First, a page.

One of the pleasures of re-reading a book, re-watching a film, re-visiting a place, is that you always discover something new. The Stoics were fond of the idea — which comes from Heraclitus — that we never step in the same river twice. I have found this to be true when it comes to Marcus Aurelius, a man I have written about and studied now for nearly a decade and a half. Each time I read his writing, each time I talk about him, each time I visit a museum or place he lived, I understand him a little differently. I think about him differently. He speaks to me a little differently.
He teaches me something new.
It is amazing Meditations, year after year and read after read, feels both incredibly timely and incredibly timeless (there’s a reason the book has endured now for almost twenty centuries). It’s amazing that a person so famous — known to millions in his own lifetime and subject to countless books and articles and movies — could still be giving off new secrets, but indeed that’s what he’s doing.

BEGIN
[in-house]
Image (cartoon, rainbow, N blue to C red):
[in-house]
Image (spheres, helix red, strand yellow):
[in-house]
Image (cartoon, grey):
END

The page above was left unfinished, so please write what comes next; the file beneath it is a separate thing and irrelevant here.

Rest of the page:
In today’s post, I thought I would share some of the ones I have discovered, things you probably don’t know about one of the greatest thinkers, philosophers, and leaders who ever lived.
-He lived through a pandemic. Not just through a pandemic, but they named it after him! The Antonine Plague of 165 CE, a global pandemic with a mortality rate of between 2–3%, began with flu-like symptoms until it escalated and became gruesome and painfully fatal. Millions were infected. Between 10 and 18 million people eventually died. The fact that Marcus Aurelius was writing during a plague, that he may well have died of a plague created a different way for me to see and understand what Marcus was writing about. When he says “you could leave life right now. Let that determine what you do and say and think” — he was talking about that in a time when you really could leave life right now. When he talks about how there’s two kinds of plagues: the plague that can take your life and the plague that can destroy your character — he was talking about the things that we’re seeing in the world, that we saw on a daily basis over the last two years. He was writing about a fracturing Rome, a contentious Rome when people were at each other’s throats, when things looked uncertain, when an empire looked…